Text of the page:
Married, moved, and getting it together.


August 2nd, 2005

Blade Runner Man, 1990; The Art Center Trip 1986ish

Blade Runner Man, 1990

Blade Runner is one of my favoritest movies EVAR (as the kids would say).

I believe I’ve talked about my liking of cyberpunk things before, and Blade Runner is definitely in that category.

When Blade Runner was rereleased in 1992 in the Director’s Cut (with the lost narration and the not-The Shining ending) I drove to Richmond from Charlottesville to see it. I drove the 68 miles without a second thought. I wanted to see the newer version.

My mind races with thoughts about BR and my relationship to it. I think it was Mr. Johnson, my short story teacher from High School, who was convinced I could write, who lent a copy of the movie on VHS to me and Chris Greazel. I think it was a fuzzy dupe and Chris and I tried to watch it on my Grandparent’s VCR (neither of us had one at home). Is that a misremembrance? Not sure. But we dug it.

Maybe some of my Japan fetish came from this film. There’s the giant video mural of a geisha eating some candy or gum. There’s the idea of cityspeak in the movie, which is a mishmash of Spanish, Japanese, German, what-have-you. There’s a blue-eyed Edward James Olmos with blue contact lenses, as a cop, sort of hispanic, sort of not, dressed like a natty vato in an East L.A. style.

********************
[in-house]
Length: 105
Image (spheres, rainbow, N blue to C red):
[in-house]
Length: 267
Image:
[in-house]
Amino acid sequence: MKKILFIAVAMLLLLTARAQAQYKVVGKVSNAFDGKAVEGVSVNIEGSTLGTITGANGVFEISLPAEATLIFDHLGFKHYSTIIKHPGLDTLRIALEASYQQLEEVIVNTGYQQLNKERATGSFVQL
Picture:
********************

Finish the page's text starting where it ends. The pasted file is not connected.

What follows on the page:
As an aside, there’s an artificial owl when Deckard goes to see Tyrell for the first time:

Rachael: Do you like our owl?
Deckard: It’s artificial?
Rachael: Of course it is.
Deckard: Must be expensive.
Rachael: Very.
Rachael: I’m Rachael.
Deckard: Deckard.

Very little said, but the implication is that nature is dead. We killed it. It’s only 2019, but we killed nature off. Artificial snakes and snake scales.

Chris and I would go to Little Tokyo for years to get Japanese food in downtown L.A. based off the fact that the movie begins with Deckard getting noodles at some dive in downtown L.A.

I haven’t done much scanning of vehicles that I worked on, but Chris would draw vehicles incessantly, and this inspired me to do the same. Many things were retrofitted vehicles. Syd Mead did the production design for Blade Runner, and he was credited as the “Visual Futurist.” That term is as good a description as I could ever muster for my friend Chris.